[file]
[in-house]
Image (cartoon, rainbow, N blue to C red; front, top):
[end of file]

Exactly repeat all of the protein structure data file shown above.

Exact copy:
[in-house]
Image (cartoon, rainbow, N blue to C red; front, top):